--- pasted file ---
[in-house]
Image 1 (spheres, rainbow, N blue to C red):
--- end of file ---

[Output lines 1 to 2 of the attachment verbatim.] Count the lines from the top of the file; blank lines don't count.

[in-house]
Image 1 (spheres, rainbow, N blue to C red):